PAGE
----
Agriculture Semester Program (ASP)

Mariann (Mari) Turner is a New Colombo Plan mobility grant recipient from La Trobe University. Mari undertook the Agriculture Semester Program at Bogor Agricultural University from August 2018 to January 2019.

Q: Why did you decide to undertake ACICIS’ Agriculture Semester Program (ASP)?

I wanted to challenge myself. The semester at IPB university was my last before graduation and I wanted to build my resilience and skill-set before commencing work. I also decided to trial the plausibility of working overseas long-term and whether this was something I would pursue in the future.

Q: What classes/units are you currently enrolled in?

  • Tropical Biodiversity: Lecture and discussion style learning based around past, present and future challenges regarding the biodiversity of Indonesia.
  • Pest and Disease of Food and Horticultural Crops: Each week we were introduced to 10-15 specimens which we documented and memorised. This subject also included field trips and problem-solving for farmers in the region regarding their crop pests and diseases. Despite the workload, I really enjoyed this subject.
  • Basic Food Biochemistry: Lecture delivered material on basic biochemistry e.g. proteins, DNA etc. The second half of this subject focuses on the food systems, food as nutrition and post-harvesting of plants and meat products.
  • Integrated Pest and Disease Management: Lectures and fieldwork encouraging a multifactorial agricultural approach that aims to reduce the reliance on chemicals and encourages understanding of biological systems.

Q: How has your study in Indonesia influenced your understanding of Agriculture or Food Security in the region?

A large proportion of the food grown in the area is sold locally, even within the chain supermarkets. Having access to local produce was great, however, I was surprised by the ‘goreng-goreng’ everything (fried food) and the huge quantities of palm oil used. The nutritional impact and environmental consequences of food choices tended to be poor, either by choice or necessity. Agriculture continues to be important in this region, but alterations to practice or knowledge tend to be slow and not prioritised. I would expect the increased pressures of climate change, especially in relation to pests and diseases, to have a large impact on future food security within this region.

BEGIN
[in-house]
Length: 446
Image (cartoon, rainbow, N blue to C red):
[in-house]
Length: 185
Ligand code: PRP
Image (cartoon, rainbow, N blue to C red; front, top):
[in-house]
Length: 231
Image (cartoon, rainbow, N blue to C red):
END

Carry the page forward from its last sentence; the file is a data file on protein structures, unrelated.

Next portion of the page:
Q: What d0 you like to do in your spare time in Bogor?

  • Culinary adventures – once you get over your first food poisoning experience and acclimatise, you are good to go – try everything and anything!
  • Swimming
  • Yoga
  • Exploring – Bogor and other places
  • Going to the movies (so cheap!)
  • Hanging out with friends
  • Shopping

Q: Are you undertaking an internship while in Indonesia?

Yes. My internship involves working with CIFOR- Centre of International Forestry Research. During this placement, I assist on a wildlife diversity research project in Papua. I assist in cleaning and analysing data,as well as researching and reporting on biodiversity within Papua.

Q: What is your favourite Indonesian food? Where is your favourite place to eat?

Avocado Juice or gado-gado on campus for $1!

There is a little juice stall on the side-street towards university, just off the left of Jalan Bara. Juice for 50c! Try sirsak, mangga, alpukat or whatever takes your fancy.

Q: What is your favourite Indonesian word or phrase?

Nggak/engga/gak = informal for “no”. It’s pretty satisfying if you get the pronunciation right.

Q: What places in Indonesia have you visited during your semester so far?

Bandung, Jakarta, Yogyakarta, Puncak & Thousand Islands.

Q: How did you find IPB? 

IPB is a beautiful and spacious campus. I really enjoyed the student culture, where students work incredibly hard and celebrate their journey together through events and eating together often. The university also places great importance on research and practical application of knowledge and skills, and in doing so positions itself as relevant on both a local and international platform.